The State Key Lab of
High Performance Ceramics and Superfine Microstructure Shanghai Institute of Ceramics, Chinese Academy of Sciences
中 国 科 学 院 上 海 硅 酸 盐 研 究 所 高 性 能 陶 瓷 和 超 微 结 构 国 家 重 点 实验 室
Novel transition-metal oxides:
Control of structural, magnetic, and transport properties
Kyoto University, Japan
时间：2019 年10 月14日（星期一）下午2:45
Transition-metal oxides show lots of intriguing and useful properties. The wide variety of their crystal structures gives rise to various electronic structures, which lead to interesting physical and chemical properties. We are focusing on the fundamental physics and chemistry of such transition-metal oxides and seeking new materials with new functional properties. In searches for new oxide materials, we use high-pressure synthesis and epitaxial thin film growth in addition to the ordinary solid state reaction processes. These techniques open up possibility for getting new materials including meta-stable phases.
In the presentation, we first focus on some ordered perovskite-structure oxides, in which transition-metal ions are included at the A and B sites in perovskite ABO3 in ordered manners like A2BB’O6, AA’3B4O12 and AA’3B2B’2O12. In these compounds, A-A, A-B, and B-B interactions compete and/or cooperate with each other and play important roles in giving rise to drastic changes in physical and chemical properties. Examples include the negative thermal expansion LaCu3Fe4O12, and the half-metallic CaCu3Fe2Re2O12, both of which are prepared by high-pressure synthesis technique.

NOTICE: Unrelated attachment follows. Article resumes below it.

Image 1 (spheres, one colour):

The second topic focuses on the arrangement of oxygen ions at heterointerfaces of transition-metal oxide thin films. We have found significant modification of oxygen coordination at the interface between SrFeO2.5 and DyScO3. When the brown millerite-structure SrFeO2.5 film grows epitaxially on a perovskite DyScO3 substrate, the alternately ordered arrangement of oxygen is significantly disturbed and reconstructed in the heterointerface region to accommodate structural mismatch. The oxygen incorporation/release behaviors and possible oxide-ion conduction in the thin films will also be discussed.
Prof. Yuichi Shimakawa is the Vice-Director of Institute for Chemical Research, Kyoto University, who focus on Solid state chemistry and Materials science. His scientific interests concern transition-metal oxides which show lots of interesting and useful properties. They include ferroelectrics, ferromagnets, conductors, batteries, and so on. The wide variety of their crystal structures gives rise to various electronic structures, which lead to interesting and useful physical and chemical properties. He is focusing on the fundamental physics and chemistry of these "functional oxides" and seeking new materials with new functions.